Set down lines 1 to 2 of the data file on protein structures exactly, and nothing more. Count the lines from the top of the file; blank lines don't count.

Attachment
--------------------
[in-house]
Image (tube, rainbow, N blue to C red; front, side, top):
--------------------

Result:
[in-house]
Image (tube, rainbow, N blue to C red; front, side, top):